Tuesday, July 19, 2016

What We Learned in Our First Year of Homeschooling

We've officially completed our first year of homeschooling, {and it only took me 2 months to write about it, haha} and I'm calling it a success! It was a learning experience for both Big Sister and myself in many ways. We made projects, played games, changed our entire approach, practiced reading, laughed, created art, made music, refined our approach further, sharpened math skills, and got to know each other in a whole new light. We had stellar days and days that were kind of a struggle and days that we cut ourselves a break and watched a Magic School Bus marathon. Nevertheless, we made it through two portfolio reviews with the county with flying colors and the go-ahead to keep on doing what we're doing! {high-fives self}

Here's what we learned....
Big Sister learned all of the basic academic subjects by studying topics she chose based on her own interests and inquiries about the world. We studied blood and the circulatory system. She wanted to know why we have blood, what it's made of and what it does in our body. Through reading library books, watching videos, doing experiments, creating art projects and learning a few new songs, she was able to discover the answers to her questions and tons more.

She also wanted to learn everything about outer space, especially the moon and stars. Now she can tell you the name of each planet in order, what each planet is made of and its temperature, special features of each planet such as the red dust of Mars, rings of Saturn and the red dot on Jupiter which is actually a huge storm. We measured how far apart each planet it and its distance from the sun and created a 50-year timeline of major events in space exploration. We charted the moon each night to watch the phases. We also used a flashlight and an orange to recreate a small-scale sun/moon/Earth simulation to see how the moon moves through its phases.

For our third and final unit of the year we studied Native Americans. Library books were our best friends {aren't they always?}, but we found a ton of interesting videos and even a Native American station on iHeartRadio to listen to while we did our projects. That was cool. It was a mixture of traditional music and more modern songs. She really enjoyed comparing and contrasting the different styles. We did art projects and focused on the rich culture and fascinating lifestyles of different groups of Native Americans. We brushed up on geography by talking about how life was different for Native Americans living in different parts of North America. She loved learning about their different types of houses, clothing, food, and what they did for fun.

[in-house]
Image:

I learned a lot this year myself. I certainly learned a lot of new things about the topics we studied, but even more than that I learned a lot about being a homeschooling parent. Even as a certified teacher with a master's degree, it was harder than I expected. I'm an organized person but it took me the whole year to figure out a system of planning that really worked for both of us, and even then there are things I'll do differently for the upcoming year. I learned that a traditional-school approach of studying each academic subject independently didn't work for us, and neither did a completely open-ended and unstructured school day. We both need a good schedule and routine, but one that is filled with age-appropriate activities and experiences we'll enjoy working on and learning from. Perhaps most importantly, I learned these two things...

1) Big Sister is an eager learner, and she's a quick learner. I need to capitalize on that to truly give her the advantage of home education over public school. In public school she is the child who would be given extra worksheets to occupy her because she was finished her assignment and the teacher was still working with other kids. At home, we can just keep moving along at her pace, cover more information, go further in-depth, practice longer, examine different angles, or just plain finish up and have some more time to be a child.

This is the cutest game called Camelot, Jr. The object is to get the knight to the princess by only using the blocks that each challenge indicates. She and Little Sister both will sit and play this forever!

2) Homeschool is absolutely the right choice for us. While she's a quick and eager learner, she's also extremely creative and imaginative. The rigor of a formal "sit-and-learn" experience doesn't work for her. She resists it. And I know that in a public school classroom this comes across as either a difficult child, or a child who doesn't have the skills. Both of these things are incorrect about her. Thankfully, at home we have the flexibility to learn in a way that's appropriate for her age and learning style. There is no rush because the test is coming up. I don't have to just move on because other students need my help. We'll get there, and we'll do it in a way that fans the flames of an eager learner instead of frustrating and discouraging her until they go out for good.

In the fall we'll begin first grade. It probably won't look like what her friends are doing and learning in first grade, but that's ok. We'll probably even change and adjust our plans a little more throughout the year because we're still learning what works. Also, Little Sister will begin some Montessori-inspired pre-school activities, in addition to her usual participation in whatever we're doing that she takes interest in. I'm not yet sure how that will all look until we get into it, but I'm excited. And I probably need to start my planning like, now :)

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